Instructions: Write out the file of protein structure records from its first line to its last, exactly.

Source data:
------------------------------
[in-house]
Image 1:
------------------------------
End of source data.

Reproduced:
[in-house]
Image 1: